Taking pictures of food is a fun and inexpensive niche of photography. In the beginning, you will just pull out your camera and take shots of your food at dinner or in a restaurant. But sooner or later, you will want to get better, more professional-looking results. This article gives five great tips for better food photography.
Look at other food photographs. You can do this everywhere. Flip through magazines, surf the web, or look at menus and artwork in restaurants and grocery stores. You will not only come up with a lot of great ideas, but also see how the food is arranged and where the light is coming from. Practice by trying to emulate what you see in these photographs.
Get some solid-colored plates, dishes and glasses. Hit yard sales, discount stores and dollar stores to accumulate a handful of simple tableware that won’t compete with your shot. On the same subject, keep the backgrounds simple. Plain white countertops, solid wood tables, and simple tablecloths work best.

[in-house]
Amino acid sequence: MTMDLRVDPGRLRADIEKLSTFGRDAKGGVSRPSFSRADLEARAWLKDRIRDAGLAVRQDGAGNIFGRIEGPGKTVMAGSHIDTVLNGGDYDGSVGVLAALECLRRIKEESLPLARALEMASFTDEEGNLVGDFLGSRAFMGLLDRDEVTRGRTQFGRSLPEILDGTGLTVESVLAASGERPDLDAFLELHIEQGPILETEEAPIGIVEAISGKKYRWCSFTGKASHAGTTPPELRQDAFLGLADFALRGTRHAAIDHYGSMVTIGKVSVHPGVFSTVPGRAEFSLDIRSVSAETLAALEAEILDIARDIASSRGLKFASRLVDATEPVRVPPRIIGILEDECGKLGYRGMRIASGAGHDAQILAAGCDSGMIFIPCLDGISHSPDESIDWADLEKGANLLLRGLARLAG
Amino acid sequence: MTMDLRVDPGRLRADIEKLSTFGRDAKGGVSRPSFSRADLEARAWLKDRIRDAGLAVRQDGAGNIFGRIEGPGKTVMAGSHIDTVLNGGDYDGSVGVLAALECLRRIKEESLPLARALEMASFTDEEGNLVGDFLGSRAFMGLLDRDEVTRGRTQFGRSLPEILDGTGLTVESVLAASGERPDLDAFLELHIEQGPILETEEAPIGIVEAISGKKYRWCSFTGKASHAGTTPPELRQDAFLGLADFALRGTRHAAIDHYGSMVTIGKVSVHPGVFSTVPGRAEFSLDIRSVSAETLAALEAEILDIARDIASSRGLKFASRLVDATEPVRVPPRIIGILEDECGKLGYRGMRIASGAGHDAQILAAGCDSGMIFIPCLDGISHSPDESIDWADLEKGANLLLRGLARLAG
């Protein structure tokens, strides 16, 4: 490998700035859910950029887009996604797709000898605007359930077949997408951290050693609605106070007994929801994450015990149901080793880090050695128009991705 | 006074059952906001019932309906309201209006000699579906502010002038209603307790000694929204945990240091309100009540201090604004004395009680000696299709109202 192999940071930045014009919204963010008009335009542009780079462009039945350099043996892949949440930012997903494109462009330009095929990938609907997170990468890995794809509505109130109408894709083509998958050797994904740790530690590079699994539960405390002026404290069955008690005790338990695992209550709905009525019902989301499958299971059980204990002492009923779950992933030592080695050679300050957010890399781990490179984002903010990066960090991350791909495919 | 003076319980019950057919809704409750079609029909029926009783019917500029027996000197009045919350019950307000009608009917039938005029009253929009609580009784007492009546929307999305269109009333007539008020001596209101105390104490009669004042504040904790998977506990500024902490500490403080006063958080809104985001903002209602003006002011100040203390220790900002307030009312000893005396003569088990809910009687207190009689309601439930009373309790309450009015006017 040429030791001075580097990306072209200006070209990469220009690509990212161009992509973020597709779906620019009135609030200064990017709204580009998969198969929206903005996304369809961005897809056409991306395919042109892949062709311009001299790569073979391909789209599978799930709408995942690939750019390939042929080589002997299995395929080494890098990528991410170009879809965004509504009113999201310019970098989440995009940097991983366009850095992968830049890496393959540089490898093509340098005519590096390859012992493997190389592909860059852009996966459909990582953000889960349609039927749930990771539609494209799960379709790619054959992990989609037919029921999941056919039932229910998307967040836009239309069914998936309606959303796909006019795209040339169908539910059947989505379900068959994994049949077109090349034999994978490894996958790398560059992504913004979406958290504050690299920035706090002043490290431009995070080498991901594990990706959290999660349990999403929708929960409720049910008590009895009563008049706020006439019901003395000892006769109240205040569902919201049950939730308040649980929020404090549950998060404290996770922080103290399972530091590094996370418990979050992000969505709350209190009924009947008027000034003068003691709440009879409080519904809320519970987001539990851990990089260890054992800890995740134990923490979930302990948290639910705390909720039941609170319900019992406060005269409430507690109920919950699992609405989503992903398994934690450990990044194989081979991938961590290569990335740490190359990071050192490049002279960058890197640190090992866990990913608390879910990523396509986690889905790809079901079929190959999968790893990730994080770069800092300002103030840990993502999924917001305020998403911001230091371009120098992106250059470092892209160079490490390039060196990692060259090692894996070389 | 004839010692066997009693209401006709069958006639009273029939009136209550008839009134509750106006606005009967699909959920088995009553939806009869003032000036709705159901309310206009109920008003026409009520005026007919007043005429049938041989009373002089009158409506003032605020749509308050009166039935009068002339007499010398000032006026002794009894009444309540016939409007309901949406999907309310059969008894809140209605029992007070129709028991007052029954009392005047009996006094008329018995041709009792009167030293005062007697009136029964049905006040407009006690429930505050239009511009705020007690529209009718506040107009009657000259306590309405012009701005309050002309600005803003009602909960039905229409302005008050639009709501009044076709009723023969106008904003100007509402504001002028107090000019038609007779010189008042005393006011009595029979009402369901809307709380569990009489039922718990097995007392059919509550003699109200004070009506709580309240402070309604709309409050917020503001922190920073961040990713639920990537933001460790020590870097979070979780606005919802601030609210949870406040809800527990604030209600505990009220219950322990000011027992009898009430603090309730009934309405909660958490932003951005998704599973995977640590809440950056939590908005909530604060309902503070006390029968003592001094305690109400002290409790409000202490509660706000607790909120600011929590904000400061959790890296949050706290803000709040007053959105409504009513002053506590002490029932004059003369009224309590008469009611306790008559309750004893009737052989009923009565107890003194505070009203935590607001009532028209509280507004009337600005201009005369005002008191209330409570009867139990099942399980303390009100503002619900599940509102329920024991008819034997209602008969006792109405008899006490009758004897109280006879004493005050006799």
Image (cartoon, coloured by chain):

Use paper napkins, paper towels and placemats to add some texture and interesting focal points without pulling interest away from the main subject. Folds and wrinkles will also add some contrast and shadows to your light.
Try both monochrome and contrasting backgrounds. A white bowl on a white plate on a white counter can produce dramatic high key images, but they can be tricky to light. On the other hand, use a lot of contrasting and complementary colors to add splash and vitality to the image.
Don’t just shoot the final meal if you are shooting at home. Take shots of each step of the process, from whole raw vegetables, cutting up ingredients, the cooking process and finally, plating each element. You’d be surprised how often one of the early shots will come to be a favorite.
Practice these tips and shoot a lot, and your food photography will rise to a whole new level.